I grew up in a diversity-free zone. The bubble surrounding Pleasantville, New York, in the 1950s and 1960s didn’t include people of color. We were all middle-class, some upper, some lower, some blue collar, some white collar – but, all of us comfortably in the middle. The children with disabilities must have been hidden in their homes or housed in institutions. They certainly weren’t our classmates. We were spread across the broad Judeo-Christian spectrum. Who knew there were other religions?

Of course, when I left for college I entered another even less inclusive bubble that didn’t admit women.

But diversity happens, and my grandchildren here in Maine have classmates of color (of course, not as many as in other less remote parts of the country). They think nothing of sharing their classrooms with children with disabilities. They don’t think it is weird that some of their classmates have two mommies. They have close friends whose uncles are openly gay. Although the economic spectrum here in Brunswick is only slightly broader than where I grew up, my grandchildren can travel just a few miles to see what poverty looks like.

For many years, the process that brought about this dramatic change was a fortuitous conglomeration of brush wars fought by courageous individuals and minority groups. However, in the last decade or two, the struggle for inclusion has broadened under the banner of diversity, a term once primarily used to describe evolving ecologic populations. In light of this expanding definition, it is not surprising that the American Academy of Pediatrics has begun to consider its role in promoting diversity. As reported in AAP News (Anne Hegland, March 2018) the American Academy of Pediatrics board of directors recently discussed a plan for implementing at “all levels of the Academy” the suggestions of its Task Force on Diversity and Inclusion.

I am confident that most of the changes that come in the wake of the academy’s initiative will be positive. However, this is a time in the life of this country when one must accept that “diversity,” “inclusion,” and their close cousin “multiculturalism” are not universally viewed as goals worthy of pursuit. The words have taken on a buzz that at times I find annoying, and some folks may feel they have heard more than enough about diversity and multiculturalism. Even though I think the terms have been overused, I don’t share their view because I believe we still have a long way to go before we are truly inclusive.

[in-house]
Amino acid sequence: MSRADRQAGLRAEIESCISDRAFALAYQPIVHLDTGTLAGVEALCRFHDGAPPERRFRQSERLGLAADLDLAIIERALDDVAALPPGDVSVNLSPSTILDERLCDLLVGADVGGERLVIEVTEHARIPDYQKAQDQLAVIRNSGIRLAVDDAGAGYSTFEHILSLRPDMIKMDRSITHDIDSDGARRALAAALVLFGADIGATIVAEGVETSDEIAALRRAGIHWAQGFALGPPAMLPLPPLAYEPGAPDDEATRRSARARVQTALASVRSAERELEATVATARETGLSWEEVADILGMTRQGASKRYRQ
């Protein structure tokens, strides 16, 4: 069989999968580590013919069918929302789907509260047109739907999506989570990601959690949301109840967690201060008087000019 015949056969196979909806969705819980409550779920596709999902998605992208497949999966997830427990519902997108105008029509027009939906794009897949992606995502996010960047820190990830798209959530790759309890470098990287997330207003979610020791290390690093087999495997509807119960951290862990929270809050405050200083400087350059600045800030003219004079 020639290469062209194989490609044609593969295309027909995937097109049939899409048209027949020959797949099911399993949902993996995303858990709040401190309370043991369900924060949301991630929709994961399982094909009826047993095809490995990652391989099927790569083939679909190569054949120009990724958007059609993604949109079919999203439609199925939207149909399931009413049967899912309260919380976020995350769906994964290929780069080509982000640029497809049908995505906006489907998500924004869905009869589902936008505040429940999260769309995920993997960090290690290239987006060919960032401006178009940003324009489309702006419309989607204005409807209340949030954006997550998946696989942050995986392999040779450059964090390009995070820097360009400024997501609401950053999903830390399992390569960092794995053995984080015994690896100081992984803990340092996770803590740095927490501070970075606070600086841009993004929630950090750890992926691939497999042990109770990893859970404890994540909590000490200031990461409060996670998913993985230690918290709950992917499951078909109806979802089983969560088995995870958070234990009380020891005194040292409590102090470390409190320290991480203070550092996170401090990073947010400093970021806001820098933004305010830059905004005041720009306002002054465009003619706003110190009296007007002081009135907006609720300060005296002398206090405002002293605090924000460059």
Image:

The academy is in the enviable positive of having a membership that agrees in general terms where its priorities should be – the health and welfare of children. It can afford to invest some of its energies in being more inclusive. However, the United States currently is struggling to rediscover a set of priorities that its citizens can agree on. We have politicians who would rather win a battle over their adversaries than address the obvious needs of the country. And, we have journalists who prefer to feast on these battles rather than search for evidence of cooperation. This is not a time to sharpen our focus on how different we are from one another. It is time to raise another flag along side the “diversity” banner. It should read “commonality,” and remind us that while we are celebrating our differences, we must work harder to uncover the core values that we share.

Dr. Wilkoff practiced primary care pediatrics in Brunswick, Maine for nearly 40 years. He has authored several books on behavioral pediatrics, including “How to Say No to Your Toddler.” Email him at pdnews@frontlinemedcom.com .


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